Have you ever looked upon a meal and thought it was just too pretty to eat? It happens to the best of us, and to be perfectly frank, a pretty-looking meal is often disguising a lack of flavor or creativity. So when my buddy and I decided to head to Tsujita LA in West LA for lunch, I was a little concerned that their claim of “Artisan Noodles” would make for a pretty meal, but little else. But when we showed up and found an obscenely long line of people waiting to get a taste of the noodles, I thought again.
We walked in and got our name on the list, then proceeded to browse the Japanese Outlet store next door and even took a ride to Best Buy. By the time we returned, an hour had elapsed and it was just in time to be seated. The interior of the place had a pretty basic and functional design, with very few tables and a long bar-like row set up that we were seated at. What stood out, though, was the awesome ceiling design, which consisted of uneven wooden dowels that made for a pleasant undulating pattern. It was about as much as they could do to improve the little space, but after a few glances, I was more interested in the food itself.
The lunch menu essentially boiled down to two types of ramen. The first was your traditional tonkotsu ramen, and the other was tsukemen ramen, which differs from the traditional in that the noodles are kept separate from the broth and are dipped in the broth when eaten. It’s a cool concept and although good traditional ramen is hard enough to find, tsukemen is even more of a rarity. I went with the rarer of the two, but my buddy got the regular ramen so that we could get a taste of both. I ordered my tsukemen “chaa-shyo” style which meant it came with pork and a seasoned egg.
I didn’t take too long to arrive (despite warnings of a longer wait time than the regular ramen), and looked simply beautiful. But after an hour wait, I wasted no time destroying the beauty and began dipping the noodles into the broth. The taste was nothing short of delicious. The broth was way strong, but the noodles tempered it perfectly to combine for a perfectly rich flavor. The noodles themselves were thicker than regular ramen and almost had a yakisoba-esque texture to them. Which is great, because yakisoba is awesome.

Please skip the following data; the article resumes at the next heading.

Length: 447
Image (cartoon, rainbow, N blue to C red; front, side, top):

I was happy to find a good amount of pork accompanying my noodles, but found each little slice to be about half-meat, half-fat. I love fat as much as the next guy, but there’s a difference between having it blended in with meat and simply chewing fat. Fortunately, the meaty halves tasted amazing in the broth and I left the fatty halves in to add even more flavor to the soup.
And finally, there was the egg, which was a really nice touch. As it had spent more time in the broth than anything else, it absorbed a nice bit of flavor that just burst in my mouth with every bite. Then, once the noodles had taken out a fair amount of the broth, I had the option to refill the broth bowl with hot water to make it more like a traditional ramen broth. I took them up on that option, but was so full from the noodles that I managed only a few sips of the soup before calling it quits. Yet, the little bit I tried was delicious and certainly worthy of continual consumption if I had the stomach capacity.
Of note, the ramen my buddy got was equally awesome. The noodles were cooked somewhere between medium and hard and the broth had a nice, even balance to it. By the time we both finished, we concluded that the hour wait was well worth it…at least to try the place. I’m not sure that I would wait in that same line again with Ramen Jinya just down the street, but would happily return in better line circumstances. If you don’t like the ramen at Tsujita LA, you will likely never find a ramen to suit your fancy. It may be too pretty to eat, but it’s too good not to.
It should also be noted that Tsujita LA only serves ramen at lunch, which is likely the reason for the crazy-long wait. So heads up and all that.